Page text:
Judge Uses Tobacco Analogy in Fortnite Addiction Lawsuit

Canadian judge says class action suit can proceed
By Rob Quinn,  Newser Staff
Posted Dec 9, 2022 7:09 AM CST
Judge Says Fortnite Addiction Lawsuit Can Proceed
A 10-year-old Chicago boy plays "Fortnite."   (AP Photo/Martha Irvine, File)

Lawyers in Canada are urging parents with children addicted to Fortnite to consider joining a class action lawsuit. A judge in Quebec has approved a lawsuit first filed in 2019 from parents who said their children had stopped socializing, sleeping, showering, and eating because they were hooked on the wildly popular online game, the BBC reports. Quebec Superior Court Justice Sylvain Lussier said the legal action against Epic Games and its Canadian subsidiary "does not appear frivolous or manifestly ill-founded." He said players who live in Quebec and experienced symptoms of addiction after playing the game's Battle Royale edition after Sept. 1, 2017 could join the lawsuit.

The lawsuit likens addiction to the game to addiction to tobacco or cocaine. Epic "hired psychologists—they really dug into the human brain and they really made the effort to make it as addictive as possible," Calex Legal attorney Alessandra Esposito Chartrand told the CBC in 2019. Epic has argued that video game addiction is not a recognized condition in Quebec, but "the harmful effect of tobacco was not recognized or admitted overnight," the judge wrote in a ruling issued Wednesday, per CTV. He wrote that while there's no "certainty" to allegations the game was created to be addictive, that "does not preclude the possibility that the game is in fact addictive and that its creator and distributor are presumed to know this."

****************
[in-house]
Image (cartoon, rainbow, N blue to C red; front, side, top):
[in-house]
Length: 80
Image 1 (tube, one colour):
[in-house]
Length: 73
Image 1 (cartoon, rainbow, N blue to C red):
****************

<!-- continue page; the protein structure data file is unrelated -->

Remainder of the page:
The game is free to play, but in-game purchases like "skins" can add up to thousands of dollars. Jean-Philippe Caron, another Calex attorney, says parents and others whose lives have been negatively affected by Fortnite should get in touch, the CBC reports. "Whether it's in their grades in school, an increase in aggression, the fact that they no longer have social contact—so any impact Fortnite had, personally, on the family, on social and educational or professional activities—we invite you to contact us," he says. (More Fortnite stories.)

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